Fox Doesn't Understand Why Low-Wage Workers Need Government Assistance
Blog ››› ››› CRAIG HARRINGTON
Fox Business' Charles Payne questioned the need for fast food workers to rely on federal assistance, absurdly citing aggregate earnings of workers and ignoring the fact that many in the industry earn below subsistent wages.
On the October 25 edition of Fox Business' Varney & Co., guest host Charles Payne and Fox contributor Elizabeth MacDonald discussed a recently released audio recording from the advocacy group LowPayIsNotOK.org. In the recording, a long-time McDonald's employee is directed by a "McResources" representative to seek out federal benefit programs to augment her inadequate take-home income. MacDonald cited a statement from McDonald's disavowing the call before Payne launched into a slander-filled tirade against a stereotyped generalization of low-wage, fast food employees:
PAYNE: There is a lot of unfortunate parts of the story. If you want to create a society where these jobs -- $8 jobs go for $15. Then what you're saying to people is like, okay, "don't improve your life. Don't finish high school. Don't go to college. Don't, you know what, have three or four kids out of wedlock. Don't put yourself in a predicament where this is your only option. In fact, keep doing what you're doing, smoke weed all day if you want. Doesn't matter. You'll get rewarded because in this society Mickey D's has got the money. They owe it to you." And I think that's a work mentality.
Payne concluded his screed by referencing the aggregate wages of fast food employees nationwide to support his claim that they don't actually need taxpayer-subsidized assistance programs:
PAYNE: By the way, people should know. They say it's between $3 to $7 billion that fast food workers get in care from the government. In the same time though, these fast food workers make between $41 and $46 billion. So who is subsidizing who?
While Payne is quick to dismiss that workers need these programs, absurdly citing aggregate earnings of fast food workers, facts show that they are indeed essential.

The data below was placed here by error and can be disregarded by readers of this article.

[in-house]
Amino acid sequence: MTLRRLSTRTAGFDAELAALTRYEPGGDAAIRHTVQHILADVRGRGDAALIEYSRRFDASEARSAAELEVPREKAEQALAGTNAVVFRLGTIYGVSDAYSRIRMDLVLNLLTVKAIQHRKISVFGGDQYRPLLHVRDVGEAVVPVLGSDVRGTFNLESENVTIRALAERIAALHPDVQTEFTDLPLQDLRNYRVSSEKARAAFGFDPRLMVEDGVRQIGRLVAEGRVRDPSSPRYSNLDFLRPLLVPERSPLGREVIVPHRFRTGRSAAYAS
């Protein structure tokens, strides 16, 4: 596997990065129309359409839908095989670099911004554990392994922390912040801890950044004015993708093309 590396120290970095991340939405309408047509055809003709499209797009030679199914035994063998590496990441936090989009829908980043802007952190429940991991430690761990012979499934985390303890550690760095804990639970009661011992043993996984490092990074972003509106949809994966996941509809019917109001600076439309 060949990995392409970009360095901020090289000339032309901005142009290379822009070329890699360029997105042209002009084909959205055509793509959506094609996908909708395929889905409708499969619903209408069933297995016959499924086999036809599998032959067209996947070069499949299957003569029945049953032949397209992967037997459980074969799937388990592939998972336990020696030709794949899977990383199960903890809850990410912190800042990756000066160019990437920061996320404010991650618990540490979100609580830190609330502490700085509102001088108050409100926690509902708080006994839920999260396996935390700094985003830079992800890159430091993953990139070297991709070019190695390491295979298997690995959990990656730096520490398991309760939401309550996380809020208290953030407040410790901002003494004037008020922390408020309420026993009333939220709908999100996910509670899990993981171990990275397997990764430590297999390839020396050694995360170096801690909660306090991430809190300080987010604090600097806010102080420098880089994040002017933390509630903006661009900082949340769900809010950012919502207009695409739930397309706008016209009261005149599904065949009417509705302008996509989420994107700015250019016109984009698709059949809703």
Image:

According to a recently released study by economists at the University of California, Berkeley and the University of Illinois, Urbana-Champaign titled "Fast Food, Poverty Wages: The Public Cost of Low-Wage Jobs in the Fast Food Industry," "annual earnings in the fast food industry are well below the income need for self-sufficiency," and after accounting for limited work hours, the median annual earnings of a fast food worker stands at just $11,056 -- below the federal poverty threshold for an individual. Couple those low earnings with the fact that workers in the industry are twice as likely to be in households with total income below the poverty line, and it becomes clear that reliance on federal programs is necessary.
Indeed, fast food workers are overwhelmingly more reliant on public assistance programs than other segments of the workforce.
Source: Fast Food, Poverty Wages: The Public Cost of Low-Wage Jobs in the Fast Food Industry, October 15, 2013
The study estimates the total cost of public assistance to the fast-food industry to be "nearly $7 billion per year." The authors argue that the "hidden public cost" of four programs -- Health insurance (Medicaid and Children's Health Insurance Program, or CHIP, coverage), the Federal Earned Income Tax Credit (EITC), food stamps (the Supplemental Nutrition Assistance Program, or SNAP) and basic household income assistance (Temporary Assistance for Needy Families, or TANF) -- is extensive enough to require ameliorative public policy decisions. From the report:
The public benefits discussed in this report provide a vital support system for millions of the working poor. The findings of this report suggest those programs could be more effective if supplemented by measures that improve workers' wages and benefits, either through public policy measures such as living and minimum wage laws, or through collective bargaining.
Fox News has a long and well-documented history of promoting myths aimed at undermining both minimum wage workers and the federal minimum wage itself. The network persistently rejects any discussion of the economic benefit of increasing the minimum wage, falsely claiming that increasing the federal baseline would negatively affect the job market.
Numerous media outlets reported McDonald's suggestion that an employee seek Supplemental Nutrition Assistance (SNAP), Medicare, and Medicaid in lieu of adequate take-home pay or employer-provided health insurance. Only Fox expressed incredulity at the existence of a public assistance subsidy for fast food workers. Payne's rebuttal of the concerns of fast-food workers fits a trend for the network, which has even hosted fast-food lobbyists to further its anti-minimum wage agenda.